Character level

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HaLLanHype
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Post by HaLLanHype » 12 Mar 2005, 22:06

True but people would play for leveling up high skills and spells also
imorgado
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Post by imorgado » 16 Mar 2005, 14:10

Please, consider this:

I'm a weekend player and a full time botter.

Why?

Cause there is those kiddies who keep playing (or botting), everytime of day. Building huge guilds. Killing all good monsters and grabbing their loots. Selling raw materials for a expensive price (why one sword costs 5k and one steel costs 50k if I need 10 steels to build the weapon?). These kiddies grow in levels and power very fast.

And about the average player? This is a game not the life, we must go in to play not for level up. Leveling is a result of play not the inverse.

We must upgrade with experience (real) not with levels.

Using my idea (as posted before) and the formula that Kyokai said before (thank you for de comment ;-). We should create a game more funny.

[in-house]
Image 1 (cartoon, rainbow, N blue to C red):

I didn't like the idea of bot leveling (or growing without level), cause this generate one big problem: LAG.

Players must login to play, not keep logged to grow yours characters.

That is the reason for implemente the system

First 10 points (normal)
Next 10 points (reduces experience gain in 10%)
Next 10 ponts (reduces in 10%)
Next 10 points (reduces in 20%)
Next 10 points (reduces in 30%)
Next 10 points (reduces in 50%)
Next 10 points (reduces in 80%)
Next 10 points (No more XP in this row)

If you want to keep playing cause there are funny people, you're in a quest, you're leaning a new combat tactic. Talking with you future husband in game. Ok.. keep it playing.

We want a game played with humans not with programs.